A preliminary diagnostic of septic arthritis of the patient’s right hip was suspected and a computed tomography (CT) scan of the pelvis was ordered. It showed no asymmetry or fluid collection around the hip prosthesis. The chest X-ray was read as normal. The patient was kept under observation, without antibiotic therapy.

The four anaerobic blood culture bottles became positive after 29 hours of incubation. Their Gram stain revealed the presence of Gram-negative rods. The culture showed the bacillus to be anaerobic, Gram-positive, and sporulated, typical of a Clostridium species. No other organism was isolated. A commercial anaerobic manual identification panel (RapID ANA II System, Remel, Lenexa, KS, USA) identified the bacillus as Clostridium butyricum, with >99.9% of probability. However, the isolate could not be identified by matrix-assisted laser desorption ionization-time-of-flight mass spectrometry (MALDI-TOF MS) (Bruker, Madison, WI, USA), after a complete extraction. Both empirical antibiotherapy with intravenous piperacillin-tazobactam and the search for the source of infection were initiated. A CT scan of the abdomen and pelvis showed multiple stones in the gallbladder without cholecystitis and no ascites nor colonic masses. A transthoracic echocardiogram revealed an aortic valve sclerosis without vegetation. A colonoscopy revealed three benign polyps without any sign of colitis or cancer. The patient defervesced after four days of intravenous piperacillin-tazobactam. On the 6th day of antibiotherapy, he was switched to oral amoxicillin for eleven more days. He was discharged from the hospital still weak, using a walker. Four months later, he had recovered his strength and was able to walk with a cane. He had no relapse of fever nor worsening of his right hip pain.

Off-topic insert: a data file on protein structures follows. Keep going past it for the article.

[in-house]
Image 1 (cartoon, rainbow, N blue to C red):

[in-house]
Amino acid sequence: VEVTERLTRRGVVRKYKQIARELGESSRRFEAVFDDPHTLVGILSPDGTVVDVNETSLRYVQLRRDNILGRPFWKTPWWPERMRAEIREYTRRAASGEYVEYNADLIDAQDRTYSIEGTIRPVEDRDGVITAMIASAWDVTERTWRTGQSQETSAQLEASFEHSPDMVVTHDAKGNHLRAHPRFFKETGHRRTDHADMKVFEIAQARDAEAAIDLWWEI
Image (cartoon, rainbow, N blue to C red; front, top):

2.1. Molecular Analysis and MICs of Selected Antibiotics

Due to the discordance in identification between the RapID ANA II System and MALDI-TOF MS, the bacterium was sent to the Laboratoire de Santé Publique du Québec (LSPQ) for further characterization. It was designated LSPQ-04253 and was identified by 16S rRNA sequencing using the BigDye Terminator v3.1 Cycle Sequencing Kit on an ABI 3130xl Genetic Analyzer (Applied Biosystems, Foster City, CA, USA) [2]. Its nucleotide sequence was determined and showed 99.2% identities with its orthologous sequence in Clostridium lavalense type strain CCRI-. To identify the taxonomic neighbors of the clinical isolate, the 16S rRNA gene sequences were used for an initial BLAST search ( against GenBank. Phylogenetic and molecular evolutionary analyses with closely related Clostridium species were performed on 1,344 nucleotides with MegAlign® version 10 (DNASTAR, Madison, WI).

Multiple sequence alignment and phylogenetic analysis using 16S rRNA gene sequences of LSPQ-04253 (GenBank accession number KX024579) and those of C. lavalense CCRI- and CCRI-9929, C. asparagiforme , C. bolteae , C. citroniae , C. clostridioforme , C. aldenense , and C. butyricum revealed that LSPQ-04253 clustered with the two C. lavalense strains and was distant from C. butyricum (Figure 1). The antibiotic minimal inhibitory concentrations were determined using the agar dilution method [3] and E-test only for vancomycin and teicoplanin. The bacterium was susceptible to clindamycin, cefoxitin, meropenem, metronidazole, piperacillin-tazobactam, vancomycin, and teicoplanin and intermediate to penicillin (Table 1).

Table 1: MICs of selected antibiotics for C. lavalense LSPQ-04253.
Figure 1: Neighbor-joining phylogenetic tree based on comparison of 16S rRNA gene sequences. Bootstrap percentage is shown at the node. The bar gives the number of nucleotide substitutions per 100 residues.